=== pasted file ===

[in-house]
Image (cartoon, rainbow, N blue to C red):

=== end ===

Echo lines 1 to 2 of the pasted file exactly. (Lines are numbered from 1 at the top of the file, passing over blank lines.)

[in-house]
Image (cartoon, rainbow, N blue to C red):